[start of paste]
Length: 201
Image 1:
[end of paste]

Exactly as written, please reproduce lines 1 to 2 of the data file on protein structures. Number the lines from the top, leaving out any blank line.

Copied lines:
Length: 201
Image 1: